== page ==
“Hutch and I have to get back to L.A.,” Starsky said, understanding. “We’re catching a late flight tomorrow night.”

She put her arm through his and gave it a little squeeze. “Let’s go home. I’m tired, even if you two aren’t. Let me get a cup of coffee, and then I have some questions to ask you.”

Starsky and Hutch exchanged looks, but no one said any more about it until they were comfortable in the Starsky living room, each with a cup of coffee.

Rachel leaned back and gave her son a long look. “All right, Davy. Tell me what that was all about there in Nicky’s hospital room. And don’t try to spare your poor old mother. I’m tougher than I look.”

Starsky smiled at her fondly. He told her why Nick had accused him of “choosing” Hutch over him. “I don’t know how to explain to him,” he finished, “how partners work on the street and why I did what I did. It wasn’t that I wasn’t aware of him being in danger, too....”

Rachel looked at Hutch, who was feeling that he ought to disappear discreetly. She seemed to sense that. “Ken, tell me something,” she said.

“Yes, ma’am?”

“What would you have done in that situation?”

“The same thing Stars...Dave did,”  Hutch answered promptly. “Him yelling my name...that was a warning, to get my attention. He was backing me up, just like they trained us to do. It’s hard to explain, but there’s a certain note in his voice when he does that, and I just react. It’s like we –”

“Read each other’s minds,” Starsky finished without thinking, proving Hutch’s point for him.

Rachel nodded. “I remember once your father and his partner were involved in a hostage situation. Mike tried to sneak into the back door of this liquor store to catch the man by surprise, and his partner was supposed to keep the man’s attention at the front of the store. The man was holding the clerk in front of him as a shield, and Mike made some kind of noise accidentally. He turned, saw Mike, and pointed his gun at him. Mike’s partner had to make a split second decision, and he shot the man, barely missing the hostage, to keep him from hurting Mike.” She smiled. “That turned out all right, too. Nobody but the man got hurt.”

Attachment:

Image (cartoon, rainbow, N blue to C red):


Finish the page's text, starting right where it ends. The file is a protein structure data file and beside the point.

“But his brother’s life wasn’t on the line,” Starsky said quietly. “The hostage was a stranger.”

“Yes,” Rachel said, “but he took the risk, because his first duty, as he saw it, was to protect your father. His partner. When Mike told me about it, he had a similar reaction to Nicky’s. He was grateful, of course, that his partner saved him. But he felt guilty, and even a little angry, that the hostage came so close to being killed instead of him.”

“So how do I explain this to Nicky?”

Rachel reached out and stroked his curly hair gently. “I’m not sure you can, David. Tell him what you told me.” She turned to Hutch. “It may not make any sense to you, but I’m glad you two work that way. You keep my son alive out there, Ken, as much as he keeps you alive. Your lives are in each other’s hands. I don’t worry as much about my boy, knowing he’s got you watching his back.”

 

“Your mother’s a wise woman,” Hutch said to Starsky as they were parting company for the night an hour later. Rachel had gone to bed after giving both men a kiss good night and a fond pat on the shoulder each.

“Yeah,” Starsky said, shaking his head. “Sometimes I forget just how much.”

“She just kind of put the whole thing in perspective,” Hutch said. “I was feeling pretty guilty–”

“Not you, Hutch,” Starsky said, pretending amazement.

Hutch grinned a little. “Well, I was. I mean, if Nick had been killed, how would either of us have lived with that, knowing that you–”

“Whoa,” Starsky interrupted. “He wasn’t. And what if you had? How would I have lived with that?”